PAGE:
Examples of the crimp contact of the present invention include crimp contacts each composed of a single crimping portion 1 and a single fastening portion 3, as illustrated in FIG. 1( a) and FIG. 2, and crimp contacts for relaying, and crimp contacts for branching that are each composed of a plurality of crimping portions. Even if a single aluminum wire other than the stranded aluminum wire is used, the crimp contact of the present invention exhibits the same advantageous effects as in the case of using the aluminum stranded wire.

At ends of an aluminum stranded wire, to which the crimp contact of the present invention for an aluminum stranded wire is crimped, in order to prevent corrosion between different metals or prevent corrosion of gaps between the aluminum stranded wire, a waterproof tube or waterproof mold is preferably applied to the outside of the wire, not to cause water to remain in a connection portion between the aluminum stranded wire and the contact, or the gaps between elemental wires of the aluminum stranded wire.

The present invention is not limited to the above-mentioned embodiments, and any variation thereof may be carried out as long as the variation does not depart from the subject matter of the present invention.

The crimp contact of the present invention is a contact in which the depth of grooves of a serration in an inner face of a crimping portion is specified according to the diameter of aluminum wires which constitute aluminum stranded wire to be crimped. Therefore, at the time of crimping the stranded wire, an oxide film on the surface of the aluminum wires is sufficiently broken by the grooves, to favorable good electric connectivity. Further, the aluminum stranded wire can be prevented from coming out from the crimping portion, so that the mechanical connectivity is also excellent. The electric connectivity can be further enhanced, by making the crimping portion of copper or a copper alloy, setting the stress relaxation ratio of the crimping portion into a specific range, and/or applying plating thereto. Additionally, the present invention in which the tensile strength and/or the Vickers hardness of the crimp contact are specified, exhibits a further-enhanced favorable electric connectivity.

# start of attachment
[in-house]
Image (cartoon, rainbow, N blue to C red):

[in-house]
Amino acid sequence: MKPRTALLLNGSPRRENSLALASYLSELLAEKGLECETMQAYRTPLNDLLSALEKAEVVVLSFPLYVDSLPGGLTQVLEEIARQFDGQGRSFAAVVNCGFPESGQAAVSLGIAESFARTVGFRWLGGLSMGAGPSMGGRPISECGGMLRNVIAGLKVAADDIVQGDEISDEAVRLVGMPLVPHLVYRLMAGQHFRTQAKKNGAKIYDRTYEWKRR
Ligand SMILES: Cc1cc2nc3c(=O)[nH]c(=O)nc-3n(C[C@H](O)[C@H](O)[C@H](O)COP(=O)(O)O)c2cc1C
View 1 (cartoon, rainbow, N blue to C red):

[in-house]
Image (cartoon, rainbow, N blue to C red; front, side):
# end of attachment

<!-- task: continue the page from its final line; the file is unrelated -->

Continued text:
In the cable end structure of an aluminum stranded wire, according to the present invention, since the ratio (p/q) between the sectional area p of the aluminum stranded wire after the crimping thereof and the sectional area q before the crimping is set into a specific range, favorable electric connectivity can be obtained. Further, the aluminum stranded wire is less damaged, and a sufficient connection strength can be given.

The present invention will be described in more detail based on examples given below, but the invention is not meant to be limited by these.

EXAMPLES Example 1